Original Research ARTICLE
Characterization of Cauliflower OR Mutant Variants
- 1Faculty of Biology II, University of Freiburg, Freiburg, Germany
- 2Robert W. Holley Center for Agriculture and Health, Agricultural Research Service, US Department of Agriculture, Cornell University, Ithaca, NY, United States
- 3Plant Breeding and Genetics Section, School of Integrative Plant Science, Cornell University, Ithaca, NY, United States
Cauliflower Orange (Or) mutant is characterized by high level of β-carotene in its curd. Or mutation affects the OR protein that was shown to be involved in the posttranslational control of phytoene synthase (PSY), a major rate-limiting enzyme of carotenoid biosynthesis, and in maintaining PSY proteostasis with the plastid Clp protease system. A transposon integration into the cauliflower wild-type Or gene (BoOR-wt) results in the formation of three differently spliced transcripts. One of them is characterized by insertion (BoOR-Ins), while the other two have exon-skipping deletions (BoOR-Del and BoOR-LD). We investigated the properties of individual BoOR variants and examined their effects on carotenoid accumulation. Using the yeast split-ubiquitin system, we showed that all variants were able to form OR dimers except BoOR-LD. The deletion in BoOR-LD eliminated the first of two adjacent transmembrane domains and was predicted to result in a misplacement of the C-terminal zinc finger domain to the opposite side of membrane, thus preventing OR dimerization. As interaction with PSY is mediated by the N-terminus of BoOR, which remains unaffected after splicing, all BoOR variants including BoOR-LD maintained interactions with PSY. Expression of individual BoOR mutant variants in Arabidopsis revealed that their protein stability varied greatly. While expression of BoOR-Del and BoOR-Ins resulted in increased BoOR protein levels as BoOR-wt, minimal amounts of BoOR-LD protein accumulated. Carotenoid accumulation showed correlated changes in calli of Arabidopsis expressing these variants. Furthermore, we found that OR also functions in E. coli to increase the proportion of native, enzymatically active PSY from plants upon co-expression, but not of bacterial phytoene synthase CrtB. Taken together, these results suggest that OR dimerization is required for OR stability in planta and that the simultaneous presence of PSY interaction-domains in both OR and PSY proteins is required for the holdase function of OR. The more pronounced effect of simultaneous expression of all BoOR variants in cauliflower Or mutant compared with individual overexpression on carotenoid accumulation suggests an enhanced activity with possible formation of various BoOR heterodimers.
Carotenoids are a group of structurally diverse natural pigments, which have multifaceted functions in photosynthesis, phytohormone production, and generation of signaling molecules for plant growth and development (Cazzonelli and Pogson, 2010; Nisar et al., 2015; Yuan et al., 2015b; Rodriguez-Concepcion et al., 2018; Sun et al., 2018; Wurtzel, 2019). Being isoprenoid compounds, carotenoids are composed of the common building block isopentenyl diphosphate, like a large array of different isoprenoids, such as tocopherols, gibberellins, and chlorophylls. The initial specific reaction leading to the formation of different carotenoids in plastids is the condensation of two molecules of the C20 geranylgeranyl pyrophosphate to phytoene, catalyzed by the enzyme phytoene synthase (PSY). Subsequent desaturation reactions catalyzed by phytoene desaturase (PDS) and ζ-carotene desaturase (ZDS), as well as cis-trans-isomerization by carotenoid isomerase (CrtISO) and ζ-carotene isomerase (Z-ISO), result in the synthesis of the red-colored lycopene. Cyclization of lycopene by two different lycopene cyclases generates α- and β-carotene. Hydroxylations and epoxidations produce different xanthophylls in the carotenoid biosynthesis pathway.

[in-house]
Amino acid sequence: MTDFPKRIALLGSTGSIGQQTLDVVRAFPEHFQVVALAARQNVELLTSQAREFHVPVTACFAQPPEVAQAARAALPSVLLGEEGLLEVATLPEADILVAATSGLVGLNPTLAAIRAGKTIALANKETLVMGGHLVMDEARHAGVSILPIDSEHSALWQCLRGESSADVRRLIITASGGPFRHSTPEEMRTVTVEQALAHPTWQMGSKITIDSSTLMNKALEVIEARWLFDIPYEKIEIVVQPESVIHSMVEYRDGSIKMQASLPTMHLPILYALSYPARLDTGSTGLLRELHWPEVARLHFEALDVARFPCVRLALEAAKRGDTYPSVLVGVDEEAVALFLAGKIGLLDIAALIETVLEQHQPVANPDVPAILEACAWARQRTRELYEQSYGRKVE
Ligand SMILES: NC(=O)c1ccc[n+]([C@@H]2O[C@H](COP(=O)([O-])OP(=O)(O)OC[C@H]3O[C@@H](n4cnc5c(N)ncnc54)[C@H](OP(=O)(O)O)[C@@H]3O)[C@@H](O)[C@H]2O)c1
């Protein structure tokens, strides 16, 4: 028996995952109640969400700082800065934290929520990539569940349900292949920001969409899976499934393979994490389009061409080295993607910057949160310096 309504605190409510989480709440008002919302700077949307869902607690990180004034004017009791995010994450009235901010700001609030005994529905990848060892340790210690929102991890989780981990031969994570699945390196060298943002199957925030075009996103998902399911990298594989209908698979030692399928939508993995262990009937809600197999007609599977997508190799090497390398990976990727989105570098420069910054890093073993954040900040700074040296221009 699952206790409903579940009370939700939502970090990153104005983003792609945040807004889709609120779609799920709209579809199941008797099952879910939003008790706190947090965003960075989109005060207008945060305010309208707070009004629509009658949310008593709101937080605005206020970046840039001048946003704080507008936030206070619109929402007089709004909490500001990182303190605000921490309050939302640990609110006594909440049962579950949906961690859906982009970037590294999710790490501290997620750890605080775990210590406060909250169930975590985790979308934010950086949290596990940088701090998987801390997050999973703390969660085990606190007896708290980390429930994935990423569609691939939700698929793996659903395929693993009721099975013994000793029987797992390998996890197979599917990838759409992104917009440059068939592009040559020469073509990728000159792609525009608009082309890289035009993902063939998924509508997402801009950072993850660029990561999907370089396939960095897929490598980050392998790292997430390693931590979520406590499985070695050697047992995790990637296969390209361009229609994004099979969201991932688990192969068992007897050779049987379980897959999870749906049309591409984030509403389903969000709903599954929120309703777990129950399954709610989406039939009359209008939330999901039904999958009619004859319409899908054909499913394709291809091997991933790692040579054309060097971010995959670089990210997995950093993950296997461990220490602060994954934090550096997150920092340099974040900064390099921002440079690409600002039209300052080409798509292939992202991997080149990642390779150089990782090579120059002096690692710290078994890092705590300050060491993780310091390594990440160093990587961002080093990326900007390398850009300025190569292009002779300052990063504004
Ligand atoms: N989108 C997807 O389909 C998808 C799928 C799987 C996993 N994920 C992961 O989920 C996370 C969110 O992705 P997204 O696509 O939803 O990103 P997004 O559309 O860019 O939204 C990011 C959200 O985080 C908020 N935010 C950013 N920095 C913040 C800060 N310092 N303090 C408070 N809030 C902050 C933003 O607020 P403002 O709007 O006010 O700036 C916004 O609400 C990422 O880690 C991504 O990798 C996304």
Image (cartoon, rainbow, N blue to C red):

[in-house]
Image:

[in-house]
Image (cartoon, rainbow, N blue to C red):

Phytoene synthase is considered the major rate-limiting enzyme for the pathway and is therefore subjected to regulation at various levels (Sun and Li, 2020). Its transcript is induced by various environmental stimuli, such as light and abiotic stresses, mirroring increased carotenoid demands for the formation of the photosynthetic apparatus and/or abscisic acid biosynthesis (von Lintig et al., 1997; Welsch et al., 2008; Rodríguez-Villalón et al., 2009; Toledo-Ortiz et al., 2010). Moreover, posttranscriptional regulation of PSY translation in Arabidopsis occurs via its 5'UTR and dynamically adjusts PSY protein amounts to carotenoid levels in different tissues (Álvarez et al., 2016). PSY was also shown to interact with the upstream substrate-delivering enzyme GGPP synthase (GGPS) and acts as a constituent of metabolons containing up- and downstream enzymes to provide an additional possibility for regulation at the level of protein-protein interaction (Maudinas et al., 1977; Fraser et al., 2000; Ruiz-Sola et al., 2016; Camagna et al., 2019). Its evolutionary conserved features for activity across various organisms were recently analyzed (Cao et al., 2019). As PSY protein level is crucial for overall pathway activity and carotenoid amounts, a tight control of PSY proteostasis is expected. One of the major proteins regulating PSY protein level is the ORANGE (OR) protein. OR was found to regulate PSY protein stability via direct protein-protein interaction with PSY and by counterbalancing with the plastid-localized protein degradation machinery, the Clp protease complex, to maintain PSY proteostasis and fine-tune carotenogenesis (Zhou et al., 2015; Chayut et al., 2017; Welsch et al., 2018).